Only the Good Die Young
Rest in Peace, Our Friend from Vanier, Ontario
On August 16th, Canada lost the Honourable Mauril A. Bélanger, an extraordinary promoter of Official Languages in Canada, to amyotrophic lateral sclerosis, a degenerative disease more commonly known as Lou Gehrig’s disease, named to commemorate Henry Louis Gehrig, the slugging first baseman of the New York Yankees baseball team from 1923 until 1939. The all-star #4 died of ALS on June 2nd, 1941, after a courageous battle that publicized the disease because of the international media coverage out of New York City.
Mauril A. Bélanger was born in Mattawa, a small logging town of two thousand in northeastern Ontario, on June 15th, 1955. A graduate of the University of Ottawa, Mauril worked as an administrator, investment agent, and political advisor, before being first elected in the by-election of February 13th, 1995, as the Liberal Member of Parliament for the Ottawa-Vanier riding replacing Jean-Robert Gauthier, who had been appointed to the Senate. Mauril was a hard-working MP, championing the Official Languages of Canada and being rewarded by his constituents with victories in the general elections of 1997, 2000, 2004, 2006, 2008, 2011 and 2015.
Winning in seven general elections gave Mauril the rare privilege of serving under seven national leaders of the Liberal Party of Canada: Jean Chrétien (1990-2003), Paul Martin (2003-2006), interim William ‘Bill’ Graham (2006), Stéphane Dion (2006-2008), Michael Ignatieff (2008-2011), interim Robert ‘Bob’ Rae (2011-2013), and Justin Trudeau (since 2013).
Under Prime Minister Jean Chrétien, Mauril served as Chair of the Standing Committee on Official Languages, member of the Standing Committee on the Library of Parliament, and member of the Prime Minister’s Task Force on Urban Issues. He also served as Parliamentary Secretary to the Minister of Canadian Heritage.
Under Prime Minister Paul Martin, Mauril was appointed Deputy Leader of the Government in the House of Commons and Chief Government Whip, shortly after acceding to Cabinet, as Minister responsible for Official Languages, Associate Minister of National Defence, Minister responsible for Democratic Reform, and Minister for Internal Trade.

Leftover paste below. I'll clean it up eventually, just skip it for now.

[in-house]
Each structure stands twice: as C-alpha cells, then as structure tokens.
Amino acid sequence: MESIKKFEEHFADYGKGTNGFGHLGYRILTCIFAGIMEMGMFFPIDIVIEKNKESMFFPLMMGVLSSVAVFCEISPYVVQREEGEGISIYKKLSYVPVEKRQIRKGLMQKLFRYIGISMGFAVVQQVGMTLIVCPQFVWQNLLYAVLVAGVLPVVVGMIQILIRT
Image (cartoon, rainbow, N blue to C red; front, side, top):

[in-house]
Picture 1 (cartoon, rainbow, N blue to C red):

Under the leadership of Stéphane Dion, Mauril served as the Official Opposition Critic for Canadian Heritage, later as Critic for Infrastructure and Communities, and finally as Critic for Official Languages, Canadian Heritage, and the Francophonie.
Under the leadership of Michael Ignatieff, Mauril was appointed as Official Opposition Critic for Official Languages.
Under the interim leadership of Bob Rae, Mauril continued as Critic on Official Languages, now more and more recognized as the parliamentary expert on this portfolio.
When Justin Trudeau was elected Party Leader, Mauril was appointed Critic for Cooperatives.
After the 2015 general election victory, Mauril allowed his name to stand for the position of Speaker of the House of Commons. As he became ill, Mauril withdrew as a candidate.
In January of 2016, Mauril became the first MP to make use of a voice generator on the floor of the House of Commons as he introduced a private member’s bill to amend the lyrics of O Canada to make the lyrics gender neutral, through using a application on his tablet.
On March 9th, Mauril sat in the Speaker’s chair, making him the first honourary Speaker of the House for one day, as he presided over the proceedings with the aid of an iPad application that generated a computerized voice.
Mauril was honoured in 2005, being given the title of Commandeur de l’Ordre de la Pléiade, a francophone order that focuses on contributions made to international cooperation and friendship. In 2007, Mauril was made an Officer of the Order of Merit of the Republic of Hungary by the President. In 2009, the Royal Canadian Legion recognized Mauril for his contribution to the promotion of good will.
In 2016, Mauril received the CHF Canada Award for Outstanding Contribution to Cooperative Housing for effecting positive, large-scale change to the cooperative housing sector. Finally, Mauril became the National Honourary Spokesperson for the ALS Societies’ Across Canada Walk for ALS.
Heartfelt condolences go out to Mauril’s wife Catherine, their son, and three grandchildren. Mauril will miss them so much, as we will Mauril. R. I. P.